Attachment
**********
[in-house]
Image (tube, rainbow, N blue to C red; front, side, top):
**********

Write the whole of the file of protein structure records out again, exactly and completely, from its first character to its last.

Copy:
[in-house]
Image (tube, rainbow, N blue to C red; front, side, top):